Yeah, I think I do. And maybe I'll just use the herb walk examples first because people come to her walks for a lot of different reasons, which is great. Some people are just interested, like I mentioned earlier, to go on a hike and see some plants. And for whatever reason, when I first started doing herb walks, I kind of shied away from talking about my clinical practice too much because I thought, well, that's not really what people are here for. They want to learn how to identify stuff and learn about the wild. But then I started I think this is, again, also some advice that you gave me, Camille, was to give more examples from my practice when I'm talking about the plans, because that helps people to connect what we're doing outside to maybe a health issue that they might have that they might need help with because people don't always make that connection directly in their mind. So what I started doing on my herb walks is if I'm talking about, I start to give an example of how I might have used that plant with a client recently in my practice, and also just talk a little bit more about how this plant would be used as part of a broader program.

And it's not just that this plant is good for blah, blah, and that's all there is to it. There's all these other considerations. And when I get into the case study of my client, I can kind of go into that a little bit more. And then so I think that helps people that might not know me to see in a different light and to see sort of the breadth of what herbal medicine is all about. Like, yes, it's about just having fun and picking wild things and foraging, but it's also about working with complicated, chronic health issues. And it's the whole gamut. It's the whole spectrum. I think that actually helped. And I noticed when I do that more that more people are coming to the after and saying, oh, I think maybe I should work with you, or I know so and so that needs to see you or something like that. So I do find that that's helped quite a bit. And when I do my classes, I always at the beginning of the class, say, when we're done, I'm going to let you know before we do questions. I'm going to let you know if you're interested in working with me or want to go deeper, how you can do that.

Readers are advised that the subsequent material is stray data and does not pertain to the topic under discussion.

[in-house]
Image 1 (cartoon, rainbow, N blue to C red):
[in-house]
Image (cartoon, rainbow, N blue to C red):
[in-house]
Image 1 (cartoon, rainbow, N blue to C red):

And then when I finish the talk, I found the best time to do it is like, before we do questions. So I do my talk, and then I say, it's really very short because I'm pretty shy about really promoting myself or asking people to work with me. So it's pretty low key, which is fine. That seems to work fine. At the end of my talk, I'll just say, like, really brief. Just let them know how they can work with me, that I do one on one work, that I teach these classes, and they can get in touch if they're interested. And then we go on to questions so it's not like the last thing. It's just kind of a little break. And then we do questions after. And then I guess the other thing I'll say just to add to that is anybody that comes up to me after, like a walk or a class and expresses any interest in working with me. There's different levels. Some people are like, I need to look into see you right away. Some people are like, oh, yeah, maybe I should work with you. I've got this thing going on.

Can you help with that with those people? I always follow up via email and just let them know, pointing to my website, to my consultation page, and let them know how they can, if they're interested, how they can work more with me. And with everybody that's in my classes, I usually send some kind of a follow up that's just more general. Like, oh, here are some foods or walk. I might send something, but here are some letters we talked about without saying anything about you can come work with me. It's just to keep the connection going and offer them something. So I'll only really follow up directly with people if they express some interest. Yeah, but I will do that. I do find that helps to do that follow up.